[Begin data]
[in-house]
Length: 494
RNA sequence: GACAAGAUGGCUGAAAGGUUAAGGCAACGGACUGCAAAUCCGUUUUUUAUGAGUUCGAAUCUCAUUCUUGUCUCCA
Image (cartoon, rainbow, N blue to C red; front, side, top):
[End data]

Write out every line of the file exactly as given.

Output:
[in-house]
Length: 494
RNA sequence: GACAAGAUGGCUGAAAGGUUAAGGCAACGGACUGCAAAUCCGUUUUUUAUGAGUUCGAAUCUCAUUCUUGUCUCCA
Image (cartoon, rainbow, N blue to C red; front, side, top):